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WOODLAND HILLS, CA.: The once second largest consumer electronics retailer in the nation will no longer exist next week. The liquidators selling off Circuit City’s assets announced today that all stores would close permanently on Sunday, March 8. Some have already been shut down because the shelves are empty.

The electronic chain filed for Chapter 11 last November, having already closed 155 of its 721 U.S. stores. At the time, CC had $3.4 billion in assets, $2.32 billion in liabilities, owing HP $119 million and Samsung $116 million.

Great American Group launched the going-out-of-business sales at the remaining 567 stores in January, liquidating around $1.7 billion in retail inventory. The sales are winding up earlier than expected after shoppers descended on the stores like flies. A reporter at a SoCal branch described the first day of the liquidation at that store as being “close to pandemonium.”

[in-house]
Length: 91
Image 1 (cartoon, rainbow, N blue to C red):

“Consumers swarming everywhere; every one of them with at least a few breathless questions and scant employees to provide answers,” wrote Brooke Crothers at “…and consumers seemingly snapping up anything that wasn’t nailed down.”

“Thanks to record shopper turnout at many of the store locations and the attractive discounts offered on all merchandise, the sales actually went quicker than we expected,” said Scott Carpenter, executive vice president and director of operations for the liquidator whose acronym is “GAG.”

That doesn’t necessarily mean everyone was happy with the attractive discounts. One shopper in El Paso, Texas was sent home with an empty box, and because it was a no-returned liquidation sale, she was arguably abused when she tried to get the situation rectified, according to this report at

Great American Group is part of a joint venture consortium involved in the CC liquidation. Other participants include SB Capital Group, Tiger Capital Group and Hudson Capital Partners.